Fueler’s biker Jeremy Webb rode the R Nine T Racer S and was in raptures. On a trip along England’s south coast, he beamed on the BMW.

When it comes to heritage, few motorcycle companies have more than BMW. However, BMW has taken their heritage and brought it up to date, with all the tech you could want on this type of bike.


I got to sample some of this when riding the R Nine T Racer S, a retro motorcycle which is thoroughly modern. It looks like a 1970s Racer but handles like a decent current track bike.


The retro theme is popular with all manufacturers, and buyers have plenty of machines to choose from. Triumph has their Thruxton R, Kawasaki the Z900RS Cafe, and Ducati the Scrambler Cafe.



The R Nine T is a single-seater with no room for panniers and a proper racing riding position. Leaned forward with head tucked down behind the race fairing or lifted slightly for more vision. Fine for an hour or so but not great for extended hours in the saddle. You will not buy a Racer S for extended trips into Europe. You purchase this for pure pleasure, and as BMW says, make life a ride. I WANTED TO RIDE THIS EVERY DAY; it was that much fun.


I could ride it sensibly and plod along, acknowledging pedestrians staring at the bike, or I could ride it as intended. Hard and fast. Blasting along, tucked down with a massive smile on my face. I did this most of the time. The dynamically designed half-fairing improves the riding experience, especially at speeds over 100 Km/H.



I didn’t have a problem with the riding position on my journeys. They were all under ninety minutes, so no numb bum or aching back.


The R Nine T Racer S is a bike you can enjoy track days on and then ride home. The 1170 cc Air/oil-cooled, four-stroke twin-cylinder boxer engine delivers 81 kW (110 bhp) output. The bike is light, nimble and fast. Handling is sharp and improves the faster you ride when aerodynamics kick in, and it adopts its true racing pedigree.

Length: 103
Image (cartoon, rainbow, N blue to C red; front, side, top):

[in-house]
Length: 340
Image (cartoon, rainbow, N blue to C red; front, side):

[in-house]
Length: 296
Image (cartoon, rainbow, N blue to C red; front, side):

The R Nine T Racer connects the appearance of racing days gone by with state-of-the-art technology.



The BMW Motorrad ABS is standard, and the optional ASC (Automatic Stability Control) prevents the rear wheel from spinning and ensures a more efficient power transmission: for more active riding safety in extreme situations. It is even available during the journey upon request.


The bike will do about 10 Km/ Litre, so the range is approximately 240 Kms equating to about ninety minutes of riding. As I mentioned, this would be about the length of time where the riding position would become uncomfortable and call for a stop to stretch.

BMW see this as a base bike for owners to put their identity on, with hundreds of custom parts available and many firms making after parts for it.



I love the bike’s look as it has twin round clock-like displays, stretched tank and a comfortable single seat.


I like the wire wheels and BMW striped colour scheme, which is clean. It has a 2-in-1 exhaust in the typical café racer design style, showing that the technology does not have to hide away.


The handlebars are positioned low on the upper fork bridge. The moderate offset protects the wrists. On the other hand, the footrests have made their way backwards and upwards to support the sporty seating position. In addition, the optional custom rider’s seat lowers the seat height from 805 mm to 795 mm.



The R Nine T Racer S  is fun, and I would love to own one as a second bike for weekends and journeys that have no purpose but pleasure. It is not a commuter bike or workhorse. Bikers will relate to this.


$18,000 In the S variant.


Thanks to the Vines BMW Bikes,  Guildford staff for providing the bike.


Find out more about the R Nine T Racer here:





Jeremy @Fueler